“AA Bronson’s Sacre du Printemps” at Grazer Kunstverein and “AA Bronson’s Garden of Earthly Delights” at Salzburger Kunstverein
The Grazer Kunstverein’s continuous investigation into notions of social abstraction is carried further in response to the new ‘Leitmotiv’ of the steirischer herbst 2015, which investigates the notion of ’inheritance’ by starting out from questions of property, transfer of knowledge and our handling of cultural heritage.
In collaboration with the Salzburger Kunstverein, Grazer Kunstverein has invited artist and healer AA Bronson (b. 1946, Vancouver, CA) to develop a large-scale project at both venues simultaneously. AA Bronson operates in this hybrid project as artist and curator, subject and object, in which he includes his solo work, his collaborations with younger artists and works by friends. As a founding (and only surviving member) of the collective General Idea (1969–1994), AA Bronson has had a long history with political and social issues in art and publishing, and especially with the AIDS crisis. Since then he has collaborated with many generations of artists across many disciplines. In the last fifteen years he has taken on spirituality as a key theme in his collaborations and art production.
At the Grazer Kunstverein, Stravinsky and Nijinsky’s infamously scandalous ballet of 1913 gives name to this sequence of rites and sacrifices, overseen by sage elders, here given form in the person of AA Bronson himself. Themes of spirit, sex and darkness are knit into a labyrinth structure that takes over all the gallery spaces.
An oversized mandala of rose petals by Chrysanne Stathacos opens the exhibition and functions as a twin to a similar installation at the Salzburger Kunstverein. The artist installs the work during the opening while conversing with the public. The mandala is framed by a work of Yeonjune Jung. Jung’s What a Beautiful World! is a wallpaper installation, which depicts sites of gay trauma in London.
In the first of a series of galleries, AA Bronson and Scott Treleaven present Cabine, a tent that is at once changing cabin on the Lido, private booth in a gay sauna, and a fortuneteller’s carnival booth. During the opening, Michael Dudeck will perform an intense durational work based on ritual Hebrew text within the tent structure. Sharing the gallery is Ashes to Ashes, the remains of a performance by Nicolaus Chaffin and AA Bronson invoking the spirits of the dead in Fire Island’s Magic Forest, where countless men who died of AIDS have had their ashes spread. Blue by AA Bronson and Ryan Brewer underlines this notion of invocation by depicting spirits that wonder the forest.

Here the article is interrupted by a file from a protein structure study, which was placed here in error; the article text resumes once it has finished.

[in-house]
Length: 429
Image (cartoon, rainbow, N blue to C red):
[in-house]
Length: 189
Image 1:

The galleries that follow reflect on ritual through the work of Elijah Burgher, who has constructed a ritual space of paintings of magical sigils, and the work of Igshaan Adams, who chants inside a labyrinth of veils. The portraits of burning penises and a publication inspired by a dancer’s jockstrap, both by Matthias Herrmann, a custom-made jockstrap of ribbon by Mark Jan Krayenhoff van de Leur, and K8 Hardy’s Untitled (Jockstrap Dress) each reflect on the notion of the jockstrap as a cultural queer reliquary, rather than faux athletic aid. The exhibition-within-the-exhibition, Queer Zines, brings together more than 150 independently published queer magazines from the 1970s to today. Other works by Reima Hirvonen, JX Williams and AA Bronson complete the selection.
Each of these works tells a piece of a story, a history, and together they become a pagan romance, a series of rites, a sacrifice, and a gathering of sage elders.
Featuring AA Bronson with Igshaan Adams, Keith Boadwee, Ryan Brewer, Elijah Burgher, Nicolaus Chaffin, Michael Dudeck, K8 Hardy, Matthias Herrmann, Reima Hirvonen, Yeonjune Jung, Mark Jan Krayenhoff van de Leur, Chrysanne Stathacos, Scott Treleaven and JX Williams.
At the Salzburger Kunstverein, AA Bronson presents a meditation on the spiritual, the erotic and the shadow, each an aspect of the other. The exhibition is a queer reflection on Hieronymous Bosch’s triptych of the same name, painted circa 1500, here married with Japan’s famous Zen garden of Ryoanji, constructed in 1499. Both works—the painted garden and the rock garden—offer us a vision of the spiritual as a constructed universe: they are each a queer universe held within dramatized limits, like a gay bar or a drag club.
Featuring AA Bronson with Chrysanne Stathacos, Mark Jan Krayenhoff van de Leur, Keith Boadwee, Adrian Hermanides, Matthias Herrmann, Gareth Long, Ebe Oke and JX Williams.
at Grazer Kunstverein
until 29 November 2015
at Salzburger Kunstverein
until 22 November 2015
“AA Bronson’s Sacre du Printemps” installation views at Grazer Kunstverein, 2015
Courtesy: the artists, Grazer Kunstverein and Salzburger Kunstverein.